It is a widely accepted fact that Charles Booth set out to disprove the shocking statistic that a quarter of London’s population in the 1880s lived in poverty (and then discovered it was actually over 30%). He developed methods for social investigation which combined direct observation with statistics, drawing on both quantitative (statistical) and qualitative methods (ethnographic). Not only did he test poverty by various indicators such as income, crowding, educational attainment, servant-keeping etc., he also incorporated unquantifiable social influences, such as church attendance. He was a pioneer of participant observation, spending time living in the area, as did many of his associates, including Beatrice Potter (who worked as a trouser hand for a brief time) and Octavia Hill, who lived for a while in model dwellings.
Image: 19th century street hawkers. © Getty Images
Rosemary O’Day has written that “… when Joseph Chamberlain wrote to Beatrice Potter in February 1886 about the existence of distress above the ‘pauper line’, he took it as axiomatic that empirically derived evidence of such distress was necessary before policy decision could been taken by government… Fact-finding was already an essential part of preparation for social action… [but Booth’s enquiry’s premise] that empirical evidence, properly analysed, was essential before one could draw generalisations or… draw up policy [was against the current accepted practice] “. [O’Day R., and Englander D. (1993) Mr. Charles Booth’s Inquiry: Life and Labour of the People in London Reconsidered. London: Hambledon Press, p. 18].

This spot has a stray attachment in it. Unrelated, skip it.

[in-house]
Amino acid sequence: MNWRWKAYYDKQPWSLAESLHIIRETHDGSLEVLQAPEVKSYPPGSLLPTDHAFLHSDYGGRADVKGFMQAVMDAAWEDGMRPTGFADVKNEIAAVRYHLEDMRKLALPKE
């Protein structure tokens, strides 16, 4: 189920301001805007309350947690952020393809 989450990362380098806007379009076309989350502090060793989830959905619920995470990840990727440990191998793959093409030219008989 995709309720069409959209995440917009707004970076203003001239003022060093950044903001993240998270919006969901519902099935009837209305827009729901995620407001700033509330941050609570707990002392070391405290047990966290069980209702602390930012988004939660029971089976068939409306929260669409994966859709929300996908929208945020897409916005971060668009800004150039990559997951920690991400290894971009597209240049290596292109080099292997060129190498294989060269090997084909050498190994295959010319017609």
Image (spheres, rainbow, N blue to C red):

… and of course one could argue that the tables that define class according to income level do exactly that, but despite I believe that Booth avoided pinpointing a precise ‘pauper line’, due to his recognition – just as we do today – that whether defining an absolute or a relative line of poverty, that it is highly problematic for its overlooking the complexity of the measure as for its crudity: just as much for those who fall below it as for those who just scrape above it (and so become ineligible for support overnight). Indeed, the physical, spatial aspect of poverty is just as important to bear in mind. As I have shown in earlier space syntax analysis of poverty, spatial segregation closely corresponds to poverty and of course as Paul Spicker has shown, living in a poverty area can exacerbate poverty conditions enormously.
Englander, D., 1989. Booth’s Jews: the representation of Jews and Judaism in Life and Labour of the People in London. Victorian Studies xxxii, 551-573.
Spicker, P., 2001. Poor areas and the ‘ecological fallacy’. Radical Statistics 76.
Vaughan, L., Geddes, I., 2009. Urban form and deprivation: a contemporary proxy for Charles Booth’s analysis of poverty. Radical Statistics 99.